The management of rheumatology faces an enormous challenge: the largely irreversible nature and joint damage and erosion. Current immunosuppressive agents achieve neither restoration of joint architecture nor reversal of damage (Kerrigan and McInnes, 2020). Although MSCs might be beneficial for both protecting and rebuilding cartilaginous tissues, how current immunosuppressive strategies influence the multipotency of MSCs is largely unknown. The present study was undertaken to profile the direct effectiveness of major antirheumatic drugs, including glucocorticoids, conventional synthetic DMARDs, and biologics, on the multipotency of MSCs. By acknowledging pharmacological, metabolic, and cellular mechanisms, we attempt to provide insights into the contribution of these drugs with regard to healing capacity and MSC-based tissue engineering.

As a first-line drug for the treatment of RA, nearly all patients with inflammatory arthritis are currently given methotrexate in the absence of contraindications (Cronstein and Aune, 2020). If patients do not respond, they are prescribed other immunosuppressive therapies, such glucocorticoids or biologics, usually in combination with methotrexate. Methotrexate functionally inhibits the de novo synthesis of purines and pyrimidines that is required for DNA and RNA synthesis, as well as cell proliferation. In our study, in vitro treatment with methotrexate significantly suppressed the multilineage (adipogenic, osteogenic, and chondrogenic) potencies of MSCs, consistent with the results of a previous study (Beane et al., 2016). Undifferentiated stem cells exhibited resistance to methotrexate; even concentrations of methotrexate as high as 50 μM did not affect cell proliferation. However, once stem cells were placed in a differentiation-inducing environment, their tolerance level was significantly decreased, as a 5- to 10-fold higher susceptibility was observed in nonstem status cells. These changes might result from a dihydrofolate reductase-mediated mechanism.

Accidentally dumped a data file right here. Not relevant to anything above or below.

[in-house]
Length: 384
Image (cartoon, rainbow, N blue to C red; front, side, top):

In addition to direct application in vitro, continuous subcutaneous infusion of methotrexate also markedly inhibited the formation of cartilaginous masses in MSC spheroid-grafted mice. Compared with oral administration, enhanced bioavailability can be achieved by constant long-term subcutaneous delivery, which can prolong the potency of polyglutamated methotrexate (the active form of methotrexate) in tissues (Kremer et al., 1986; Herman et al., 1989). Although better responses to methotrexate or other antirheumatic drugs can be achieved by parenteral administration, this route imparts a higher risk of effects on the multipotency of MSCs, which should be considered when protecting and rebuilding cartilaginous tissues. In addition, whether the chondrogenic potency of MSCs can be restored by concomitant administration of folic acid or folinic acid should be examined to optimize cartilage tissue engineering for RA treatment.